Really? This seems less crazy than Clancy? Or might it be that pulp authors will write whatever bullshit fits into the narrative their target audience adheres to?
Coonts is better. Look for example at "under siege" which is IMO his best book.
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Re: Ryanverse

Postby Sea Skimmer » 2012-10-21 02:59am

PeZook wrote:Myself I couldn't help but wonder how a bunch of commandoes managed to leisurely helicopter into a Chinese ICBM base on short notice and not get torn up by the security troops? Maybe I don't remember some crucial detail about the whole action :D


That's perfectly reasonable, most ICBM silos are completely unmanned and unguarded, security is based on reaction forces to deal with minor threats, and the book attack had one of those represented and blown up. Some Soviet silos had a very small security detachment on site, which wouldn't survive the first missile fired into the building anyway, but it was not typical. Doesn't really work to secure point sites miles apart against a full scale special forces attack unless you wish to employ tens of thousands of men with armored vehicles doing it. Main issue being, if you have hundreds of silos who cares? China really does only have a handful you might dream about attacking, but in real life they also have mobile ICBMs weapons of known number plus they'd be able to fling around all kinds of IRBMs and bombers which could make life from the US and Russia unpleasant. The lack of on site silo security is the least problem in that book.

On Red Storm Rising, every time I think about that book I wonder if Clancy wrote more then 20% of it. Very few pieces fit his style, while huge tracts are Bond Bond Bond, and he of course fully acknowledged Larry Bonds contribution. Putting Clancy's name alone on the book was plainly marketing.
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Re: Ryanverse

Postby Thanas » 2012-10-21 05:18am

I think Clancy wrote the parts of the novel where the guys treck through Ireland. That felt most like him.
Same for the opening sequence of evil muslim terrorists blowing up the oilfield.
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Re: Ryanverse

Postby weemadando » 2012-10-21 05:49am

I'll support Under Siege being a great Coonts book. A nice, prescient picture of how quickly society will turn on itself in the name of "security and safety".

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Re: Ryanverse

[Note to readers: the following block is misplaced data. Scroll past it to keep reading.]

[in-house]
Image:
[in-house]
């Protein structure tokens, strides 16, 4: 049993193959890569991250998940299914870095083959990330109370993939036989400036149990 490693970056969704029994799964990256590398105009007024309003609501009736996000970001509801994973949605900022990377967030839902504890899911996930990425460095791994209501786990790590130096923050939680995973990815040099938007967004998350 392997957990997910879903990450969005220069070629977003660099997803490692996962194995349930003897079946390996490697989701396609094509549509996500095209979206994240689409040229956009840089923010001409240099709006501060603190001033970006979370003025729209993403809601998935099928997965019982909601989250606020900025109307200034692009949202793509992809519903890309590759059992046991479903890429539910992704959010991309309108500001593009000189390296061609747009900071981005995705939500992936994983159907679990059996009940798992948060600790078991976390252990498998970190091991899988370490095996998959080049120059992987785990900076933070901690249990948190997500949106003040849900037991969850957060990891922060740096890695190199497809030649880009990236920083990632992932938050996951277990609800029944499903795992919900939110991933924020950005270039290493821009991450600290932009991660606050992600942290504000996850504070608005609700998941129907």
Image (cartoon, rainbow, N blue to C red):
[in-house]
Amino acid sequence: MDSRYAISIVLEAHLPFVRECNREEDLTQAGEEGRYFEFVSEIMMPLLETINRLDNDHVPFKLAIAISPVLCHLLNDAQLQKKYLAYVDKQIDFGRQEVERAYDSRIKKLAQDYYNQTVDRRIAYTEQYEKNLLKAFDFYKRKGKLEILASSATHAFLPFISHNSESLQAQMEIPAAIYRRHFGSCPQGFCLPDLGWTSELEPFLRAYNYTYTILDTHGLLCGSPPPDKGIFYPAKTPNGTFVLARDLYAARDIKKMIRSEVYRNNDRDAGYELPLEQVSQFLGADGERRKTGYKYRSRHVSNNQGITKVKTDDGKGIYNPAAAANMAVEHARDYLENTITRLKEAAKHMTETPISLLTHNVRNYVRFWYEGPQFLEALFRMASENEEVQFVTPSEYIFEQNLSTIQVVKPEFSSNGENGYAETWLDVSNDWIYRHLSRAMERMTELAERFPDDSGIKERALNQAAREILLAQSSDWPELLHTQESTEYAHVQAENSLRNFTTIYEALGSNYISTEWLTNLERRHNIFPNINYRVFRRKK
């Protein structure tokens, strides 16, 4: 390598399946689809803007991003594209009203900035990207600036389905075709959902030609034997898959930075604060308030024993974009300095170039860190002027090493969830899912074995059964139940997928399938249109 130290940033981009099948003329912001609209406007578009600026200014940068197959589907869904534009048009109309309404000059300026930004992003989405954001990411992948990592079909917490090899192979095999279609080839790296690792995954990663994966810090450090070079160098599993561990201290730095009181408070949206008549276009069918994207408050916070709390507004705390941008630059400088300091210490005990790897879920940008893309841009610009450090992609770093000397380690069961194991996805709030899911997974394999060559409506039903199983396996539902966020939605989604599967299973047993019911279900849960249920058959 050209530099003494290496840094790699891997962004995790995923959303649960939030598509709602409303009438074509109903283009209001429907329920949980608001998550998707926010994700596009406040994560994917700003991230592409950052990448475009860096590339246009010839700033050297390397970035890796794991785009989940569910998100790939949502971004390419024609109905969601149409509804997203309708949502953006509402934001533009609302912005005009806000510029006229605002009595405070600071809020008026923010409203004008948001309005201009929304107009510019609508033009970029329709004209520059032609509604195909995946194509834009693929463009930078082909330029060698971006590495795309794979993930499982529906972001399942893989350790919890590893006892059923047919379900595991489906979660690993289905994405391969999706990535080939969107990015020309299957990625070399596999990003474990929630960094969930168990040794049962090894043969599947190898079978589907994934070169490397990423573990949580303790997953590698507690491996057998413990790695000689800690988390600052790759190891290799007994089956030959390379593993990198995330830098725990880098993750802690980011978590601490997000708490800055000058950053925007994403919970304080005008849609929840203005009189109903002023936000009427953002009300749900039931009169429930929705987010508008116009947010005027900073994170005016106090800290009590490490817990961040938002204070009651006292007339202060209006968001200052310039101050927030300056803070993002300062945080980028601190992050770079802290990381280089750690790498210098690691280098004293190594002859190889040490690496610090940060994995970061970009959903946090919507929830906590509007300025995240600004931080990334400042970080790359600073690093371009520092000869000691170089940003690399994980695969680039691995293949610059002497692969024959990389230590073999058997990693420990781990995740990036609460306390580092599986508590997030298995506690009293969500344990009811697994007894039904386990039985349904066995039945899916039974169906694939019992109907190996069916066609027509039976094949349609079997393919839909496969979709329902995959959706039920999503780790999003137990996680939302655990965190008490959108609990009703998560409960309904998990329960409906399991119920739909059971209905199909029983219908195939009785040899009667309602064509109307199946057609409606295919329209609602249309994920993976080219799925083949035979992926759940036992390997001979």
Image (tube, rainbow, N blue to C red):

Postby Havok » 2012-10-21 06:29pm

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Re: Ryanverse

Postby Pelranius » 2012-10-21 11:42pm

Larry Bonds has really fallen off the cliff recently too. His current series has China invading Vietnam (to get Vietnam's food, apparently Mr. Bond doesn't realize that climate change screwing with Chinese agriculture will fuck up Vietnam even more. It would be more plausible for Vietnam to invade Cambodia after the Mekong Delta gets screwed by rising sea levels).
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Re: Ryanverse

Postby Sea Skimmer » 2012-10-22 03:06am

He really never had that many good books, and all the recent ones are coauthored with Jim DeFelice who also did awesome work helping Dale Brown churn up piles of bad books. I dunno what DeFelice's work with Stephen Coonts is like. The Enemy Within is the last good Bond one I read, and its in no small part a rehash of stuff covered in Under Siege anyway, though in my mind with a more plausible background. Vortex was his best book, along with Red Phoenix, though both had the fairly typical problem of that kind of book of reading like a war game scenario, which they were, and running out of space for a decent ending. At least though they covered places rarely touched in a remotely plausible manner.
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Re: Ryanverse

Postby Skgoa » 2012-10-26 07:47am

Simon_Jester wrote:It's got Ahmad-i-Nejad as a cackling maniac. On the other hand, it apparently has the Israelis as trigger-happy nuts, and possibly the US government cast as the big unfeeling thing that doesn't pay a lot of attention to intelligence about upcoming attacks (like 9/11).

Not great, but it's better than making all Westerners smart and all non-Westerners evil and crazystupid. At least some of the smarter readers will notice that it's a bit more complicated than "Heroic White People against Evil Brown People," which is all too common a narrative in this kind of book.

Oh, I totally agree with you. What I was getting at was something different though. The situation you summarize is exactly the narrative many people subscribe to nowadays. Clancy's newer books are a near perfect reproduction of the narrative many other people subscribe to. (i.e. tea partiers) E.g. Red Storm Rising and Red October were seen as realistic back in the day and now seem ridiculous in some aspects, because they fit what the narrative in the West was back then. For a more immediate example, compare how The Sum of all Fears (shot before 2001 but delayed due to 9/11), 24 (running 2001 - 2010), Battlestar Galactica (2004-2009), and Homeland (2012-?) portray terrorists/counter-terrorism. Or how Black Hawk Down (2001) and Generation Kill (2008) portray US foreign millitary expeditions.